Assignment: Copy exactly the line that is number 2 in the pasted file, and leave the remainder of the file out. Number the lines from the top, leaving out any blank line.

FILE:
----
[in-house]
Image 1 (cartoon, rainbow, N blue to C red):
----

Image 1 (cartoon, rainbow, N blue to C red):